The Honu added two more in the ninth off Andrew Johnston on Cain’s two-run single.

“(Nohmi) wasn’t pitching well,” Sakata said of his decision to lift his starting pitcher. “He was struggling and to make the change there was the right thing to do, hoping that the other guy would do better.

“I think we got beat my not executing the simple fundamentals of picking up a little ground ball. (And) we didn’t hit. There’s a number of reasons we didn’t push ahead and have the lead. But that’s baseball.”

Players mingled a while after the game, but some had flights and left as soon as the game ended. Thatcher wasn’t to leave until Thanksgiving night. But he didn’t mind.

“I’m missing Thanksgiving,”said Thatcher, decorated with lei from well-wishers, “but this makes it all worth it right here.”


• League chairman and chief executive officer Duane Kurisu said that while the league did not make money, its losses were substantially less than the league’s first time around from 1993 to 1997, when HWB paid the players’ salaries. This time, Major League Baseball paid the players and Fullcast, a Japanese human resources company, was a title sponsor.

Kurisu said HWB officials will attend the winter baseball meetings next month in Florida, where they wlll meet with the MLB farm directors. He said he will then go to Japan in January to meet with team officials from Nippon Professional Baseball.

He added the league is considering taking some series to the islands of Maui and Hawaii (the big island), where HWB originally had teams. Some of the league’s best fan support came from those islands, even though Oahu has the largest population.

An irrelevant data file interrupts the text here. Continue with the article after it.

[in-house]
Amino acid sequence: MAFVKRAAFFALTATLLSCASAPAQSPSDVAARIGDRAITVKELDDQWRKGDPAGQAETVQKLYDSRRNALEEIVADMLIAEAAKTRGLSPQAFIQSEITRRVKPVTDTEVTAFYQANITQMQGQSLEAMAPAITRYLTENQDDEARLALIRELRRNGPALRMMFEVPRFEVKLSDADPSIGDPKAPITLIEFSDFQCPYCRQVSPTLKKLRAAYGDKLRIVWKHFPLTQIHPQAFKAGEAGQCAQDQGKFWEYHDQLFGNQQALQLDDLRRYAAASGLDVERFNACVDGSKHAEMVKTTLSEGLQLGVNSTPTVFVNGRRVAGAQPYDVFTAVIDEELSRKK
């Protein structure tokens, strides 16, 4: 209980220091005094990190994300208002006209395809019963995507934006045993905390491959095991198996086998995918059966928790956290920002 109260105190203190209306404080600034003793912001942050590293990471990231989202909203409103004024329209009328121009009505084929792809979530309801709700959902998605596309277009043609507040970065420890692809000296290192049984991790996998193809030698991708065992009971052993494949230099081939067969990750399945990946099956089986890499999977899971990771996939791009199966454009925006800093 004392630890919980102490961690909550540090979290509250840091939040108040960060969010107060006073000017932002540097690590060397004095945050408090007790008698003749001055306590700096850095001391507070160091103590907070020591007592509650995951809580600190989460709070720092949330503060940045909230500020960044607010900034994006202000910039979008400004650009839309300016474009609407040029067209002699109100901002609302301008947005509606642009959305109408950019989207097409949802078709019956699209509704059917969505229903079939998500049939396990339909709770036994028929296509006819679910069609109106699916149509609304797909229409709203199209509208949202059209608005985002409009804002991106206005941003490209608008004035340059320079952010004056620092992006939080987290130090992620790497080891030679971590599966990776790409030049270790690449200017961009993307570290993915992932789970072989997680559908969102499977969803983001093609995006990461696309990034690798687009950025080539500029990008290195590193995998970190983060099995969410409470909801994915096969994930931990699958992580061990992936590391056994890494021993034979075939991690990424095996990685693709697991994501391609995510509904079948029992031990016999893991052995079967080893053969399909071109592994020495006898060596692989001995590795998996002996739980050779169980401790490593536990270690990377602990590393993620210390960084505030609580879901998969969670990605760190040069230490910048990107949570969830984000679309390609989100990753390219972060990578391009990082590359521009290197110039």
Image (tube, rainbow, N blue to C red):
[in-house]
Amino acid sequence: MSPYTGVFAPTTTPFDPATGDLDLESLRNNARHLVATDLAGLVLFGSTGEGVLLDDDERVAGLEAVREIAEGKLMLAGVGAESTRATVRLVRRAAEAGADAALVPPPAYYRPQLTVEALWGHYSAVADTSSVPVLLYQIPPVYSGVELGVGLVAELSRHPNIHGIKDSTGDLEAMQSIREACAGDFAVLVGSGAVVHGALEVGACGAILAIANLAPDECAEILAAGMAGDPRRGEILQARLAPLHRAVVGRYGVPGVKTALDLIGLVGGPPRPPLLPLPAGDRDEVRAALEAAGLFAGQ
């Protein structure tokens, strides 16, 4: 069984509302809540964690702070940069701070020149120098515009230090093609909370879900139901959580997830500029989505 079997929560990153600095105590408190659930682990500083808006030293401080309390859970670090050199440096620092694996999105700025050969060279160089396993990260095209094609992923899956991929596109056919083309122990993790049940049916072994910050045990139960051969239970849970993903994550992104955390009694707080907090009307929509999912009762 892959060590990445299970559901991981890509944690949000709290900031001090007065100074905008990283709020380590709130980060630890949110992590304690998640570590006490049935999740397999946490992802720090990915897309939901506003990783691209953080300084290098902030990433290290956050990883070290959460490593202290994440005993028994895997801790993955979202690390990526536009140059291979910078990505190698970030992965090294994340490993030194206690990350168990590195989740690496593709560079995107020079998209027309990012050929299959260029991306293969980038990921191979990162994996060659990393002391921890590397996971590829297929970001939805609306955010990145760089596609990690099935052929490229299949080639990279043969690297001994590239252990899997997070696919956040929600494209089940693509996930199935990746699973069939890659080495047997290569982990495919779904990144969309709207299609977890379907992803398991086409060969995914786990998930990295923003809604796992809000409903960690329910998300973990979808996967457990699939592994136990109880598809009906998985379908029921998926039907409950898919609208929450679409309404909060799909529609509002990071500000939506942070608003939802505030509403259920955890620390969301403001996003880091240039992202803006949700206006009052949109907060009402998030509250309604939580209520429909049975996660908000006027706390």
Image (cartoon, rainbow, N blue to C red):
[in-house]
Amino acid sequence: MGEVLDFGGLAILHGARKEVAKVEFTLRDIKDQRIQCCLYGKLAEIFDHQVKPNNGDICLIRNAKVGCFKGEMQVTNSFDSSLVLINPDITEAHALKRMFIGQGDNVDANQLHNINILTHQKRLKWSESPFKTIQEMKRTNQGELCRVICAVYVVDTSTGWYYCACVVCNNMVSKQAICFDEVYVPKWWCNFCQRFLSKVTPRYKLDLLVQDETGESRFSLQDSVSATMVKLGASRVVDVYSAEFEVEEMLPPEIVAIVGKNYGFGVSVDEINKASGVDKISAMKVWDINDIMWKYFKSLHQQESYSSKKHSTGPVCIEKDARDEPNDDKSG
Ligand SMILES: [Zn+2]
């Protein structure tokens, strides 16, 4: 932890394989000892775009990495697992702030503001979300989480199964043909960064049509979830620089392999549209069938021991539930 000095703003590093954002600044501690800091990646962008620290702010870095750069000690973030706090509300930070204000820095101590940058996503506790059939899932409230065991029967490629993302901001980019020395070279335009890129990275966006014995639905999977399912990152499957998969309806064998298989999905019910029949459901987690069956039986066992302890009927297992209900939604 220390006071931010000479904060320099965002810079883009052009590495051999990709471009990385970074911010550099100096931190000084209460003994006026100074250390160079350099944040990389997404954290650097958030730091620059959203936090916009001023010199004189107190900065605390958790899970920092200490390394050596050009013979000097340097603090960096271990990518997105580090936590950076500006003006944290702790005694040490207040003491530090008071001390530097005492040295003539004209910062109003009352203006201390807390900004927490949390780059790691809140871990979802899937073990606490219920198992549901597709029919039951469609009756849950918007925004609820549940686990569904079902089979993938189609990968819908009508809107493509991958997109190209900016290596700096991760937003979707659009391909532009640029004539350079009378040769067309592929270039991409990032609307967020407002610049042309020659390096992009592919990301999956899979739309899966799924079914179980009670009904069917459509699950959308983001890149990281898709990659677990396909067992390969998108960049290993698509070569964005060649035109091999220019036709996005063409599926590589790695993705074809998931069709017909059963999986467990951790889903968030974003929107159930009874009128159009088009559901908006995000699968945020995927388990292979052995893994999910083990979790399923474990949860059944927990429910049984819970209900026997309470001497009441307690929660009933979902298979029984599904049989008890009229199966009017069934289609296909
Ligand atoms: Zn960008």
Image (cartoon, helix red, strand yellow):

The league appeared to be a hit among the managers and players.

“If we can continue with this league–it’s a great developmental league–then I’ll do everything I can to continue to promote it,” Clark said.

“It was well-run,” Sakata said. “There were some mistakes, but overall we played a lot of games. I think the kids will benefit down the road and, hopefully, get to the big leagues.”

• Honu third baseman Koby Clemens (Astros), son of pitching great Roger Clemens, liked the international appeal of the league.

“I think it made it better more than any other thing,” he said of having teammates from Japan. “I’ve never been around Japanese players (before). Got to see their kind of game and their little spin off it. It’s very similar and very different at the same time. Learning new things is so much fun up here.”

Clemens’ brother, Kory, was at the championship game. Koby said Kory will be walking-on at the University of Texas.

• Honu pitcher Zach Hammes (Dodgers) and Nyjer Morgan (Pirates) were added to their respective teams’ 40-man rosters while in Hawaii.

“It’s a good prize for the end of a long season,” Hammes said. “I struggled for a while, but it just shows if you keep working, stuff will work out for you. It was a good surprise. I had an all right year and I did all right out here (0-1, 1.23 ERA, 18 Ks in 15 innings). It’s good to be protected, but now your goal is to get to the big leagues.”

• During a preseason welcoming party, Kurisu announced to the players that they will have to vote for a most inspirational player before the season ended. The winner would get a surfboard that had its respective team logos on it. The winners were announced at a mid-season party at the Waikiki Aquarium. They were: West Oahu outfielder Tomotaka Sakaguchi (Orix Buffaloes), Honolulu infielder Masaya Ozaki (Nippon Ham Fighters), North Shore pitcher Yusuke Kawasaki (Chiba Lotte Marines) and Waikiki catcher Devin Ivany (Nationals).